Wednesday, April 9, 2008
The woman who sang "I've looked at life from both sides now" has finally found what she searched for through years of unforgettable music and profound personal challenges. This essay by JUDY COLLINS appears in Guideposts Magazine.
Grief is a blow that we all face, yet it feels like something we could never be prepared for. It’s a journey through pain. For me that journey began on January 15, 1992. On that cold winter’s day, my son, Clark, my only child, got into his family’s station wagon, ran a hose from the exhaust into the window, started the engine and died of carbon monoxide poisoning. At age 33 he took his life. In the minutes and hours and days that followed, I could not imagine that I would ever see a way out, a way through the grief. I couldn’t see how to live beyond my loss. It was as though time had stopped. Clark was the light of my life—a bright, handsome, creative young man, married, with a four-year-old daughter. Now he was gone, and I could never even begin to understand why.
Throughout my son’s life, he had experienced both great joy and great sorrow. When he gave up drugs and alcohol nearly seven years earlier, I had thought that, for Clark, the worst was over. I rejoiced. Now I couldn’t make sense of why he had killed himself—at least, Why now? But even as I couldn’t exactly grasp why Clark was gone, part of me understood all too well. Suicide is woven into the history of our family. Clark’s paternal grandfather had taken his life too. And as a young girl, I had made an attempt to end mine, so I understood the engulfing despair that brings someone to that desperate edge. But none of this really made sense to me at the time of Clark’s death.
My thoughts and feelings were refracted by my grief. And grief is, above all, a process—oftentimes a desperately hard struggle—one that for me goes on till this day, 17 years later. Yet it has also brought me closer to my faith.
In my book The Seven T’s: Finding Hope and Healing in the Wake of Tragedy, I offer strategies for coping with loss. Here are some of the things I’ve done to deal with my sorrow. It’s my prayer that what I’ve learned will help others too.
1. Write It Down
A month after Clark died, I wrote in my journal, “I will live in the gap, live in the moment between the breaths, in that pause where wings of an angel pass, where the flowers bloom, where love is born out of trouble.” I felt a sense of clarity, of purpose, despite the fact that grieving is a task that requires time, and patience. But love can be born out of trouble.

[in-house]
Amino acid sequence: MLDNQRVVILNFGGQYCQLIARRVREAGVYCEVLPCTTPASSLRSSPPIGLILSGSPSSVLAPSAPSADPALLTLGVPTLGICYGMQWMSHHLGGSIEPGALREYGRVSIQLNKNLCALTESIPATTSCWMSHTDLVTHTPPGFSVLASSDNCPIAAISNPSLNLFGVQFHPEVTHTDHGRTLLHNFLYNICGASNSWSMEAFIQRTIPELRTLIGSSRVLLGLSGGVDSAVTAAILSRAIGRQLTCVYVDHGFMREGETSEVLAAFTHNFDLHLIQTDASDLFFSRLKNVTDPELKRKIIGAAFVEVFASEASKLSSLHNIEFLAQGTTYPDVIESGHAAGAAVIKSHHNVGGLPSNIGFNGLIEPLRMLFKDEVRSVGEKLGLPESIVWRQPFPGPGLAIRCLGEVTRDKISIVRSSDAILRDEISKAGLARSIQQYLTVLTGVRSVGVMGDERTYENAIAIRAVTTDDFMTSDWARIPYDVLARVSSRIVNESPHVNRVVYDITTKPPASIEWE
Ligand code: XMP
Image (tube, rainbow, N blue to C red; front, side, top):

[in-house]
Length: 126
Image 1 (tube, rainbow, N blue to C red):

Journaling and other creative outlets were crucial to my healing process. I put my thoughts into meditations to get me through the days, trusting that, at least when I was writing, I would continue to breathe and to think. One day I wrote, “My granddaughter is learning to dance. I bought her gold slippers and she is getting very tall. She seems to be healing, like a tall blond flower in a garden, growing in spite of her loss.” I had again begun to trust in the joy of seeing a child who was of my flesh and blood develop into a beautiful young girl, a reminder of her father, yes, but a total person in her own right. I began to trust in her ability to help heal me as well. Journaling offers both intimacy and freedom. You can write whatever you want and it can be incredibly cathartic.
2. Make Time for Your Friends
A gentle snow drifted over the bare branches of century-old trees and hovered over the New York skyline. It softened the outlines of cars coming down Fifth Avenue, trying not to skid on the fast-whitening street surfaces. I made my way from the taxi, tall boots with pointed toes and high heels, taking chances on the ice that lay under the soft cover. I had a date for coffee with an old friend, Isabel, who had also lost her son years before. Her loss, like mine, was unexpected and tragic. Over coffee in the tearoom of a midtown hotel, I tried to tell as much of the truth as I could to my friend. I wanted what she had—grace under pressure, valor amid difficulty.
“Did you love him?” she asked me gently. I told her that I had loved him beyond all imagining. “And did he love you?” I said yes, that Clark had loved me. “Then it is all right,” she said. In Isabel’s trusted company, I could take one step forward while the snow continued to fall outside. Make time for your friends as you embark on the grieving process—they will help you find your grace and valor; they will help carry you through.